Here is another great way to help the victims of the earthquake. You can get Songs for Japan for $9.99. All the money goes to the Japanese Red Cross. 38 tracks by Bon Jovi, Dylan, Eminem, Pink, Sade, Springsteen, Sting… Yoko Ono donated Imagine by John Lennon. I have always liked Yoko Ono since a friend of mine told me about writing to her when he was a boy. It was just to say he was so sorry about John's death. Yoko Ono wrote back personally. So check out her site for the details or just go to itunes. And here are more background links.
In one of my earthquake posts I wrote recent articles in the title and at the side of the screen it was shortened to recent art. So for anyone who was hoping to see earthquake art and who was disappointed this is a great picture of Japanese superheroes helping out in the earthquake. If you recognize any of them please put their names in the comments! Check out the other cool pictures at that link too. We humans need all the help we can get.
We are all only human and maybe there is only so much earthquake news our brains can take in. But Japan is still in emergency mode and I don't feel comfortable yet doing a normal blog article about budo. So for a little longer here is some of the news from Japan. Sendai is the town of Masamune Date. He had an eyepatch and a cool helmet with a big crescent moon. So if you need a change from the sadness and tragedy of the news maybe you or someone you know might want to make a model of him (you need both pages I think). But don't forget the prayers.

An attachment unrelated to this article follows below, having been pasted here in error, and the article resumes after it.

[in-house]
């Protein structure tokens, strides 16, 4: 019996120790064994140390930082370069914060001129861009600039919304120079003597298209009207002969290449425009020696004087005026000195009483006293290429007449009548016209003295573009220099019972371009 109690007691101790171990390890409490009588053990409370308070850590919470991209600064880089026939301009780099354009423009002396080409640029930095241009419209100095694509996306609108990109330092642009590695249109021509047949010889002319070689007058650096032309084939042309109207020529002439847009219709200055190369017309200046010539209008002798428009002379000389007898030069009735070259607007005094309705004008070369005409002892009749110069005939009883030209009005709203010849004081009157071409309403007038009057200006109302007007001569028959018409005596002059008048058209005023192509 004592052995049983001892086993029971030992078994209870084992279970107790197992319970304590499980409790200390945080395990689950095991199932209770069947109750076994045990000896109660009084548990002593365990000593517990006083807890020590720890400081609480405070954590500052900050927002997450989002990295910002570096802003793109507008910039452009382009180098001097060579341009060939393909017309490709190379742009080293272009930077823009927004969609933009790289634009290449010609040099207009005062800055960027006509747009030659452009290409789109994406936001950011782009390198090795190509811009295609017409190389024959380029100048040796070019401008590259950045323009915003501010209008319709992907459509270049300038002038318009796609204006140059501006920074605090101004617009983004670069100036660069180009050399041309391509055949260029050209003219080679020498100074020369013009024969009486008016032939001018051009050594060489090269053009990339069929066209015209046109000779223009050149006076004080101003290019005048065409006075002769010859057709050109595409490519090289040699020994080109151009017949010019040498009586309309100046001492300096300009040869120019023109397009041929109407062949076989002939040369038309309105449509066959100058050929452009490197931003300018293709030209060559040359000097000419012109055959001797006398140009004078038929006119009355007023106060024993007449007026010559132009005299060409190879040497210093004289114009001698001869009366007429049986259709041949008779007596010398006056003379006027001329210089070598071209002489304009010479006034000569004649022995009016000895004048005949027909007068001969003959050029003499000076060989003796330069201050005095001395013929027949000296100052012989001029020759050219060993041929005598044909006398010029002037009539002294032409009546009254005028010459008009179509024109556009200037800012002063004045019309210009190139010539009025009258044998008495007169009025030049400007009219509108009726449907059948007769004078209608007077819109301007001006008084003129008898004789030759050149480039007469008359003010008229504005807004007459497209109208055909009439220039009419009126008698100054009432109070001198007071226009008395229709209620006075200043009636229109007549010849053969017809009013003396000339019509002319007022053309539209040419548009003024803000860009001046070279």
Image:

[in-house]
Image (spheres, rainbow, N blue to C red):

There's no real news today. But there have been warnings that children and pregnant women should not drink tap water. Anyway some more interesting articles. Please keep praying and please keep doing whatever you can.
il pleure dans mon coeur
comme il pleut sur la ville
it's raining in my heart
like the rain falling on the city
It was raining today.
Black Rain has a meaning in Japanese - the fallout from a nuclear bomb. 黒い雨 Kuroi Ame was a 1965 novel by Masuji Ibuse about the aftermath of the atomic bomb in Hiroshima. It was made into a movie with the same title directed by Shohei Imamura. The film was very well-received critically. The wikipedia entry about it says,
The film has a strong theme of the Buddhist beliefs on the suffering in life, that things are transient and the uncertainty of the time of one's death.
Then Hollywood used the same title for an action thriller directed by Ridley Scott. Black Rain is a cool title but in Japanese it's inextricably associated with the novel and with Hiroshima. The Japanese movie Kuroi Ame came out in May 1989 and the Hollywood movie Black Rain came out in September 1989. The American movie starred Michael Douglas, Andy Garcia, Yusaku Matsuda and Ken Takakura. It's not a great film but it is enjoyable and it's also memorable as the last performance of the cool and charismatic Japanese actor Yusaku Masuda. He had cancer and he died on 6 November 1989 soon after the movie's premiere aged thirty-nine.